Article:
Then they started seeing sandbags stacked along the local roads. “It wasn’t hurricane season, there wasn’t even a recent storm, and water on the road was there every day,” says David. “We couldn’t stay there, rumors and news reports suggested that climate change was only going to make the flooding worse over time — we were imagining not being able to get in or out of our condo depending on the water level.” Rachel says she began wondering what she’d do if a hurricane came, and how high the water would get. What would she do if they needed to get to a doctor? Regretfully, the pair sold their dream home.

And it’s not just Florida. The National Weather Service reported that last June was the warmest ever on record for Phoenix, Arizona. The high was 118 degrees. And even if carbon emissions were to cease immediately, the Earth is going to get 1.5 degrees warmer over the next 30 years, according to a United Nations report. 

Financial Impacts

Many experts are recommending that all of us plan for higher costs in the future due to climate change. The potential impacts are daunting: 
  • Crop failures
  • Supply chain disruptions
  • Infrastructure damage

Goods will likely become more expensive to produce and transport, and everyone will pay the price as roads and bridges buckle from heat or are washed out by flooding. On a personal level, seniors may find themselves spending more on utility bills, safeguarding their homes against weather events, home repairs, and increased insurance cost and coverage. Those living in the West may be air conditioning their home year ‘round, while others may be dealing with unexpected mold mitigation or water damage.

Even now, many older adults are surprised at the cost of home insurance. Ciprich’s clients, who often leave the New York metropolitan area to head south for states that are lower cost, often are surprised to find they spend just as much. What’s saved in property taxes is often spent on homeowners insurance.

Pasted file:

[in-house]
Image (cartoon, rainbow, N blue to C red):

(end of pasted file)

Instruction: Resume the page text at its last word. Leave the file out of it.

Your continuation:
And they usually haven’t factored in the expense of nails, plywood, and sandbags that are necessary whenever a storm threatens, not just when one hits. Home power generators can set them back up to $7,750, hurricane shutters are $2,000 to $5,750, and retrofitting against earthquake damage is $3,000 and up. 


Most retirees are invested in the stock market and expect average historic annual returns in the range of 10%. But can that last? Higher inflation driven by climate change is a real possibility, and it will erode real returns. Many companies that have benefitted from the fossil fuel economy will incur large expenses as they transfer to cleaner energy. And high-growth companies may find money is more expensive to borrow, lowering returns.

With all this bad news, what can older adults do to protect themselves? Build climate change into plans for the future. This includes planning for higher costs, lower returns, and upping insurance. Surprisingly, many of those living in coastal areas do not carry flood insurance. Retirement, when most people are on a tight income, is not the time to skimp on insuring against geographic risks, whether that’s floods, fire, earthquakes or some other risk.

Additionally, older adults can consider climate change when looking where to retire. Seek out areas with adequate, but not extreme, rainfall, moderate temperatures, and no threat from rising sea levels. Be realistic about considering the entire cost of living in a certain area, not just taxes or insurance. Nothing in life is certain but embracing planning can help make the future brighter.


Blog posting provided by Society of Certified Senior Advisors